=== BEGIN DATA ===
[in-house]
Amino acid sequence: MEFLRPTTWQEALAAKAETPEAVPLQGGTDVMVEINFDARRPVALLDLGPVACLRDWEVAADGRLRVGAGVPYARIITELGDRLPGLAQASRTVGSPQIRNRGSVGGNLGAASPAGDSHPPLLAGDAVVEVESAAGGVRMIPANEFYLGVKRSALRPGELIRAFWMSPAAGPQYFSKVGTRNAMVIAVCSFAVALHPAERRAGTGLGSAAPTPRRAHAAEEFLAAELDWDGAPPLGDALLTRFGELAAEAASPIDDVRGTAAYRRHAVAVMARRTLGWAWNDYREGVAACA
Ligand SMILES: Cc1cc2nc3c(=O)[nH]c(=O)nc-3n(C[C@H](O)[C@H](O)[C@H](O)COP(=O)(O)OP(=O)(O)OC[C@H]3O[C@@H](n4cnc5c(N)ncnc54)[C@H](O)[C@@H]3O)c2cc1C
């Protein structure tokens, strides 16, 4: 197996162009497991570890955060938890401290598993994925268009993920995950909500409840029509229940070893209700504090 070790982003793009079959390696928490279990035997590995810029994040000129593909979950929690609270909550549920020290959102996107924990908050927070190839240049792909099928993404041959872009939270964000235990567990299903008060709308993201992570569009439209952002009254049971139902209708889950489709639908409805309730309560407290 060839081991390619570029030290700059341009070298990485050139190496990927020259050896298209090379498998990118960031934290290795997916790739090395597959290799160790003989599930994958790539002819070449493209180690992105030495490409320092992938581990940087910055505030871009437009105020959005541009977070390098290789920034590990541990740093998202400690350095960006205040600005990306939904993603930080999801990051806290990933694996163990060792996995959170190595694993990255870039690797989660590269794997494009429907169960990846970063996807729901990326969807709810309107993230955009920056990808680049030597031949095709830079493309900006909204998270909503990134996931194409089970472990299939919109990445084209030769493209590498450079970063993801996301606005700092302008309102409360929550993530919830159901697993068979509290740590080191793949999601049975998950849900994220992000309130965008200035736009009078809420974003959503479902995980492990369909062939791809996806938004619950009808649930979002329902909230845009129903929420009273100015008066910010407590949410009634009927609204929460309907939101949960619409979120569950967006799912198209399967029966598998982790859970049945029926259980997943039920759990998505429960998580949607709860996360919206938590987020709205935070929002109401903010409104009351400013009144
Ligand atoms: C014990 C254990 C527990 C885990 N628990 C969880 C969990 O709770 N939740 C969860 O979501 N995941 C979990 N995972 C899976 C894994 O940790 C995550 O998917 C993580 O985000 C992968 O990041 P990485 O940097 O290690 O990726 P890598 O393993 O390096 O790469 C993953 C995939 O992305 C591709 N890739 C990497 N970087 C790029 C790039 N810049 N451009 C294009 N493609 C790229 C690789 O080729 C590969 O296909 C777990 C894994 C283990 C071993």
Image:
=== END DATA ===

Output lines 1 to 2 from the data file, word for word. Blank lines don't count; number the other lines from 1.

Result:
[in-house]
Amino acid sequence: MEFLRPTTWQEALAAKAETPEAVPLQGGTDVMVEINFDARRPVALLDLGPVACLRDWEVAADGRLRVGAGVPYARIITELGDRLPGLAQASRTVGSPQIRNRGSVGGNLGAASPAGDSHPPLLAGDAVVEVESAAGGVRMIPANEFYLGVKRSALRPGELIRAFWMSPAAGPQYFSKVGTRNAMVIAVCSFAVALHPAERRAGTGLGSAAPTPRRAHAAEEFLAAELDWDGAPPLGDALLTRFGELAAEAASPIDDVRGTAAYRRHAVAVMARRTLGWAWNDYREGVAACA